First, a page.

When Sara met G.G., the 31-year-old man who would become her pimp, she was 11. Sara's mom struggled with drug addiction, so when G.G. would drive Sara and her friends to the roller skating rink or the mall, it felt like having a real parent around. He gave Sara presents and told her she was special- so special, that she should never give sex away for free. He convinced her she was a product.
G.G. groomed Sara like this for two years before he raped her. By then, his control was complete and he forced her into prostitution. Sara and the other girls who G.G. exploited were out on the streets from 6pm to 6am, every night. Twelve hours a night, seven days a week, for three years, Sara was raped by strangers so G.G. could profit. After three years, she snapped, and she killed him.
Surviving sexual violence is one of the most difficult things in the world. Surviving repeated sexual violence as a child doubtlessly takes its mental and physical toll. G.G. stole Sara's 8th, 9th, and 10th grade years- money and rape taking the place of dances and dates. How can a person ever recover from something like that? But Sara survived.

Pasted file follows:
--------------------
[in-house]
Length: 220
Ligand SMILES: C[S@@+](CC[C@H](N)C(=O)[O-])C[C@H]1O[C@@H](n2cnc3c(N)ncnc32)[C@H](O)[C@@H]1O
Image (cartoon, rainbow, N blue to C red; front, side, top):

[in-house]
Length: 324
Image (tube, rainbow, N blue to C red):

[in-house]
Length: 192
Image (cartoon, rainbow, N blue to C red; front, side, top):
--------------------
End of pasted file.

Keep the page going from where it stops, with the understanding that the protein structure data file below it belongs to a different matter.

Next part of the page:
What Sara did was terrible, and she knows it. But if ever there are mitigating circumstances for a crime, these are them. To tell someone like Sara who has overcome such abuse that her destiny is to die in prison, no matter how much she changes, is cruel.
The vast majority of women in prison have histories of abuse from families and/or intimate partners. Does this mean they are not accountable for their actions? Of course not. Murder should always be punished. But Sara Kruzan's case is one of ludicrous over-sentencing of a young girl who escaped from hell in a heinous way.
Sara Kruzan deserves to be punished. But she also deserves hope. She deserves hope that she didn't survive being raped and sold for three years for nothing. She deserves hope that the darkest chapter of her life has passed, and a horizon lies ahead. She deserves hope that she can change.
See full article and video of Sara here: http://humantrafficking.change.org/blog/view/teen_trafficking_survivor_gets_life_without_parole